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Judge in Disney-DeSantis federal lawsuit removes himself

The Disney character Ariel from the movie “The Little Mermaid” waves to the crowd at Walt Disney World in Orlando. The company has asked its employees to return to the office four days a week.  (Max Becherer/The Washington Post)
By Aaron Gregg Washington Post

The federal judge assigned to Walt Disney Co.’s lawsuit against Florida Gov. Ron DeSantis has recused himself from the case – a concession to the Republican governor, who had tried to remove the judge on grounds that his record showed bias.

At issue is Disney’s suit in the U.S. District Court for the Northern District of Florida, which accuses the governor and presidential hopeful of engaging in political retaliation due to the entertainment giant’s opposition to a controversial education law.

The DeSantis legal team argued that the judge’s statements in two previous cases called his impartiality into question regarding Disney and called for him to step aside.

Late Thursday, U.S. District Judge Mark E. Walker acquiesced but instead pointed to a potential financial conflict of interest as the reason – namely, a “relative within the third degree of relationship” who owns 30 shares of the Disney stock, he wrote.

Walker also noted that he could not be sure that the trial would not “substantially affect the value” of his relative’s stock.

“Even though I believe it is highly unlikely that these proceedings will have a substantial effect on The Walt Disney Company, I choose to err on the side of caution – which, here, is also the side of judicial integrity – and disqualify myself,” Walker wrote.

Disney’s communications team did not respond to requests for comment.

DeSantis press secretary Jeremy Redfern said the governor’s earlier motion to disqualify Walker “speaks for itself.”

The recusal of Walker deals a blow to Disney, which had chosen to file its lawsuit in federal court. (A countersuit from DeSantis’s handpicked theme park oversight board was filed in state court.)

From his perch as chief judge for the federal Northern District of Florida, based in Tallahassee, Walker has been a fierce obstacle to the governor’s agenda, repeatedly striking down DeSantis-backed legislation.

The Obama-appointed judge has also often laced his opinions with colorful language excoriating the governor’s more controversial initiatives.

Last year, for example, he struck down a law, nicknamed the “Stop Woke Act,” that would have restricted how university professors can present their curriculum – measures that DeSantis said would keep critical race theory out of state-college curriculums.

In a 139-page opinion, Walker started with a quote from George Orwell’s novel “1984” and called the law “positively dystopian.”

“(The) First Amendment does not permit the State of Florida to muzzle its university professors, impose its own orthodoxy of viewpoints, and cast us all into the dark,” Walker wrote.

Walker also struck down the DeSantis-backed Combating Public Disorder Act, which was passed in 2021 in the aftermath of nationwide protests over the death of George Floyd.It allowed authorities to detain arrested protesters until a first court appearance and established new felonies for organizing a violent demonstration.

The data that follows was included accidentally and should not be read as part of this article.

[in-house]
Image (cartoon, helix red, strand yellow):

Walker sided with the civil rights groups who sued to block it, concluding that cracking down on violent protesters in this way could also curtail the rights of peaceful protest organizers who weren’t involved in violent incidents.

If the law went into effect, Walker wrote, “the lawless few rogue individuals could effectively criminalize the protected speech of hundreds, if not thousands, of law-abiding Floridians.”

In a motion filed last month, DeSantis’s legal team pointed to comments from the judge that explicitly mentioned Disney.

The judge had brought his own impartiality into question through his handling of two cases – both of which concerned heavily politicized rulings on DeSantis-approved legislation – because he explicitly cited Disney, wrote John Guard, Florida’s chief deputy attorney general.

In Link v. Corcoran, Walker contrasted state education officials’ claims of retaliation against the state’s “taking away Disney’s special status because they’re woke” as an example of material retaliation, according to the state’s motion.

And in Falls v. DeSantis et al, Walker referenced Disney as he weighed another allegation of retaliation against free speech, this time concerning public school teachers.

“Disney is going to lose its status because – arguably, because they made a statement that ran afoul of state policy of the controlling party,” Walker wrote, as quoted by the filing.

In his Thursday decision to step aside, Walker pushed back against the arguments about potential bias and accused the governor’s lawyers of cherry-picking language from these cases to support their position without acknowledging the underlying context.

“The motion is nothing more than rank judge-shopping,” Walker wrote.

Walker’s decision is just the latest twist in the public war of words between DeSantis and Disney for more than a year.

It started when Disney expressed opposition to a Florida education law restricting discussion of sexual orientation in public school classrooms.

It spiraled into an argument over Disney’s control over the special tax district around Disney World, with the governor packing the theme parks’ governance board with a handpicked group of conservative allies.

Disney then filed its lawsuit against DeSantis in late April. The DeSantis-appointed oversight board for the Disney district filed a countersuit in state court just days later.